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- Faith and obedience. If we obey God only when his command 1) makes sense to us and 2) we agree that it is good, then we are not really obeying God’s commands as an expression of trust in his wisdom and his character. Instead, we are merely complying with God’s requests only after he has justified himself at the bar of our own moral or intellectual understanding. Will we obey, or merely comply? Will he be the authority, or will we?
- Faith and anguish. The life of radical faith and obedience will inevitably involve deep and real anguish. The life God calls us to is one that our flesh fundamentally opposes. Does your faith in God lead you to just a more comfortable life, free of the anguish of following him in a broken world? Or does it lead you to constantly wrestle with the values and assumptions of this world? Is there the struggle of anguish in your life of faith?
- Faith and resurrection. The clip powerfully captures the fact that Abraham essentially receives Isaac back from the dead. The author of Hebrews (Hebrews 11:17-19) sees Abraham’s faith here as an outworking of his belief in resurrection: that God would even raise the dead to keep his promises.
Episode 2. Moses & the Burning Bush
Moses’ calling to face his past and deliver His people out of Egypt, Exodus 3:1-17
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The Scripture For Episode 2 Moses’ calling to face his past and deliver His people out of Egypt
3 Now Moses was keeping the flock of his father-in-law, Jethro, the priest of Midian, and he led his flock to the west side of the wilderness and came to Horeb, the mountain of God. 2 And the angel of the Lord appeared to him in a flame of fire out of the midst of a bush. He looked, and behold, the bush was burning, yet it was not consumed. 3 And Moses said, “I will turn aside to see this great sight, why the bush is not burned.” 4 When the Lord saw that he turned aside to see, God called to him out of the bush, “Moses, Moses!” And he said, “Here I am.” 5 Then he said, “Do not come near; take your sandals off your feet, for the place on which you are standing is holy ground.” 6 And he said, c“I am the God of your father, the God of Abraham, the God of Isaac, and the God of Jacob.” And Moses hid his face, for he was afraid to look at God.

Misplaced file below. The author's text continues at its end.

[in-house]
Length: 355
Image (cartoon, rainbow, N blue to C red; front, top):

7 Then the Lord said, “I have surely seen the affliction of my people who are in Egypt and have heard their cry because of their taskmasters. I know their sufferings, 8 and gI have come down to deliver them out of the hand of the Egyptians and to bring them up out of that land to a good and broad land, a land flowing with milk and honey, to the place of the Canaanites, the Hittites, the Amorites, the Perizzites, the Hivites, and the Jebusites. 9 And now, behold, the cry of the people of Israel has come to me, and I have also seen the oppression with which the Egyptians oppress them. 10 Come, I will send you to Pharaoh that you may bring my people, the children of Israel, out of Egypt.” 11 But Moses said to God, “Who am I that I should go to Pharaoh and bring the children of Israel out of Egypt?” 12 He said, p“But I will be with you, and this shall be the sign for you, that I have sent you: when you have brought the people out of Egypt, you shall serve God on this mountain.”